Fluids (b), (c), and (d) all exhibit substantially complete barite sedimentation after aging in the roller oven. This is to be expected from the rheological data (no yield value).
TABLE VI______________________________________Comparison of drilling fluids a b c d______________________________________Apparent viscosity 52 24 15 14(mPa.s)Plastic viscosity 41 28 15.5 15(mPa.s)Yield value 31 -- -- --(lbs/100 ft2)API fluid loss 1.5 15 3 80(30 mins) (ml)API fluid loss 3 25 8 12(30 mins)after agingfor 16 hoursat 177° C. (ml)Evaluation no barite complete complete complete sedimen- barite barite barite tation sedimen- sedimen- sedimen- tation tation tation______________________________________
The rheological behavior of a 1.2% solution of the hectorite of Example 3 was measured over a temperature range of from 30 to 200° C. in a high-pressure/high-temperature viscosimeter. The hectorite solution was adjusted to pH 11 by addition of alkali metal hydroxide. The results are shown in Table VII.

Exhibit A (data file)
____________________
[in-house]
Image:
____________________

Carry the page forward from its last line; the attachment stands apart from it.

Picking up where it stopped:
TABLE VIII______________________________________Rheological data of synthetic hectorite solution at 30 to 200° C. pH 11 (adjusted with NaOH) pH 11 (adjusted with LiOH) plastic Bingham plastic BinghamMeasurement viscosity yield value viscosity yield valuetemperature (mPa.s) (dPa) (mPa.s) (dPa)______________________________________ 30 5 12 6 11 50 4 11 5 17 80 4 15 4 19100 4 15 3 16150 2 12 2 15200 2 10 2 11______________________________________